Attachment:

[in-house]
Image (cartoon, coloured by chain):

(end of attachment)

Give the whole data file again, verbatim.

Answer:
[in-house]
Image (cartoon, coloured by chain):